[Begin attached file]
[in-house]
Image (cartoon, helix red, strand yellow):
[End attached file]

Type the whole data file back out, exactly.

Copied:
[in-house]
Image (cartoon, helix red, strand yellow):